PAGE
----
California's Gov. Brown gets choir director pal six-figure job at government agency: report
California Gov. Jerry Brown got a long-time a six-figure job at a government agency despite not exactly having the experience for the role, the friend admitted.
Juan Pedro Gaffney, a former Bay Area choir director, admitted his friendship with the outgoing governor landed him the job at the state Workers’ Compensation Appeals Board, a position populated mostly by lawyers, the San Francisco Chronicle reported.
“What shall I do, should I not plead guilty? Yeah, I’m a friend of Jerry’s. We go way back. Jerry knew me when I was active in social action and politics. He didn’t forget that part of me,” Gaffney said when asked whether his friendship with Brown got him the job.
"What shall I do, should I not plead guilty? Yeah, I’m a friend of Jerry’s. We go way back. Jerry knew me when I was active in social action and politics. He didn’t forget that part of me."
Gaffney attended St. Ignatius High School in San Francisco with Brown. He said that he knows that “that “people who have served long in the field look with raised eyebrows” over his appointment to the board.
The job involves deciding whether people who they claim they were injured in the workplace should receive workers’ compensation. The board meets once a week to decide which cases to divide between themselves. All members of the board are paid $147,778-a-year during their six-year term.
“I did not understand this to be a plum. I did not go after it as a plum,” Gaffney continued. “To me it is hard work and I am glad to do the hard work, but others have given me to understand that they were passed by to accommodate this appointment or at least that this appointment passed them by. I am aware of that. What can I say? I’m sensitive to it. I realize it’s a legitimate sentiment, a legitimate reaction.”
"To me it is hard work and I am glad to do the hard work, but others have given me to understand that they were passed by to accommodate this appointment or at least that this appointment passed them by."
The confession raises ethical concerns about the legacy of Brown, who will now be replaced by either Democrat Lt. Gov. Gavin Newsom or Republican businessman John Cox, who’s been trailing his opponent by mere 5 points, according to the latest poll.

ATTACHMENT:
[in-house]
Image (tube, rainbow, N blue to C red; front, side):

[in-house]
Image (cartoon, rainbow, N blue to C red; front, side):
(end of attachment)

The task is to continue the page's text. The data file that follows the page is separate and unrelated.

“This is not a thing that brings down democracy or forces state government to crumble, but it is what it looks like, a favor to a friend,” Los Angeles’ Loyola Law School professor Jessica Levinson told the Chronicle.
“And it’s not a victimless favor, because there could be someone with a resume that is better suited who was passed over. And this position serves the public. Does the public get the benefit of having the best people serving in this position?” she asked.
The outgoing governor defended the decision to appoint Gaffney, saying workers and businesses will “certainly benefit from Mr. Gaffney’s diverse background and experience.”
Though Gaffney’s position should mostly be occupied by lawyers licensed in California, according to the rules, two of the seven commissioners don’t have to meet any minimum qualifications.
Gaffney said that although he doesn’t have the exact expertise to hear workers’ compensation cases, his “intelligence” makes him qualified for the job.
“If you aren’t a lawyer, you quickly learn to be in this game,” he told the Chronicle. “My Lord, I’m stuffing my eyes, ears, nose and throat with all things legal since I’ve come on board. My days there are 10 hours. I’m making it my business to educate myself.”
This is the second time Gaffney’s relationship with Brown helped him. Last year, he was appointed to the Alcoholic Beverage Control Appeals Board. He was paid just over $25,000 a year and his position involved meeting once a month to analyze decisions made by the Department of Alcoholic Beverage Control, the Chronicle reported.